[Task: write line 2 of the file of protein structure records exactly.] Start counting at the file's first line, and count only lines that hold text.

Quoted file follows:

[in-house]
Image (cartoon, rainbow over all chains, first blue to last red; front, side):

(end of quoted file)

Image (cartoon, rainbow over all chains, first blue to last red; front, side):